Using Fig. 1 as an example, this tells us how much of the damage probability distribution, \(\pdf(d, t)\), lies to the right of their opponent’s \(\HP\). As the encounter goes on, and \(t\) increases, the distribution shifts farther and farther to the right, pushing Eqn. \eqref{eq:damage-win-prob} closer and closer to \(100\%\). This makes Eqn. \eqref{eq:damage-win-prob} a cummulative distribution function (CDF) for the combatant’s probability of dealing enough damage to defeat their opponent.

The probability of a combatant’s total damage exceeding their opponent’s \(\HP\) during a specific turn can be calculated by taking the difference between Eqn. \eqref{eq:damage-win-prob} on turn \(t\) and the turn before it, \(t - 1\), \begin{align} \pdf_{i} \left( d \ge \HP_{j}, t \right) &= \cdf_{i} \left( d \ge \HP_{j}, t \right) - \cdf_{i} \left( d \ge \HP_{j}, t-1 \right) \nonumber \\ &= \sum_{d = \HP_{j}}^{\infty} \pdf_{i}(d, t) - \pdf_{i}(d, t-1) \,. \label{eq:damage-win-prob-delta} \end{align}

An example of Eqns. \eqref{eq:damage-win-prob} and \eqref{eq:damage-win-prob-delta} is shown in Fig. 2 (below) for the same example combatant used previously in Fig. 1 against an opponent with \(\HP = 30\). The combatant’s total damage is most likely to exceed their opponent’s \(\HP\) during their third turn in combat, which is close to the number of turns we’d expect using just the average damage for each of their attacks, \(t = 3.08 = 30 / (2 \cdot 0.65 \cdot 7.5)\).

At this point, Eqn. \eqref{eq:damage-win-prob-delta} gives us half the information we need in order to calculate the probability of a combatant winning during a given turn. The remaining information we need is the probability that their opponent hasn’t dealt enough damage to defeat them, \(\cdf_{j} \left( d \lt \HP_{i}, t \right)\). This is easily calculated from Eqn. \eqref{eq:damage-win-prob} by noting that the total probability must equal \(100\%,\) \begin{align} \cdf_{j} \left( d \lt \HP_{i}, t \right) &= 1 - \cdf_{j} \left( d \ge \HP_{i}, t \right) \nonumber \\ &= \sum_{d = 0}^{\HP_{i} - 1} \pdf_{j}(d, t) \,. \label{eq:damage-lose-prob} \end{align}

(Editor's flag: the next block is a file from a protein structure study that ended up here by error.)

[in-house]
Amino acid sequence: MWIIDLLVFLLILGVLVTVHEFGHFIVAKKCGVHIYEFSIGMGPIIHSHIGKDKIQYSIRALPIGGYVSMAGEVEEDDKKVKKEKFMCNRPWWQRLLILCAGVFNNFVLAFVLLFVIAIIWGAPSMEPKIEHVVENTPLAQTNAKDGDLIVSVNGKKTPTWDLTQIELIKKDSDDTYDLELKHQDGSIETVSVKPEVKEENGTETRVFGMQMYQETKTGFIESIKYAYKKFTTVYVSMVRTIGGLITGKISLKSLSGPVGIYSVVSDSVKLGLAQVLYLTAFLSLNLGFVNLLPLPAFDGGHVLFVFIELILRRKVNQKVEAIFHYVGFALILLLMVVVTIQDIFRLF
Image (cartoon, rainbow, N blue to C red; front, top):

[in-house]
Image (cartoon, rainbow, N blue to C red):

Combining the results of Eqns. \eqref{eq:damage-win-prob-delta} and \eqref{eq:damage-lose-prob}, the probability of a combatant winning during a given turn is, \begin{align} \pdf_{i} \left( \win, t \right) &= \pdf_{i} \left( d \ge \HP_{j}, t \right) \cdf_{j} \left( d \lt \HP_{i}, t \right) \,. \label{eq:win-prob-delta} \end{align}

If we add up the results of Eqn. \eqref{eq:win-prob-delta} for the first \(t\) turns in an encounter, we get the cumulative probability of a combatant having won by that turn, \begin{align} \cdf_{i} \left( \win, t \right) &= \sum_{t^{\prime} = 0}^{t} \pdf_{i} \left( \win, t^{\prime} \right) \,. \label{eq:win-prob} \end{align} And, if we take the limit as \(t \rightarrow \infty\) we get their total probability of winning the encounter, \(\pdf_{i} (\win) = \cdf_{i} \left( \win, t \rightarrow \infty \right)\).

Figure 3 (below) shows the results of Eqns. \eqref{eq:win-prob-delta} and \eqref{eq:win-prob} for an encounter with two combatant: the first combatant has 30 hit points and attacks twice per round, with a \(65\%\) chance to hit for 7.5 (d6 + 4) damage, and the second has 30 hit points and attacks only once per round, with a \(65\%\) chance to hit for 9.5 (1d8 + 5) damage.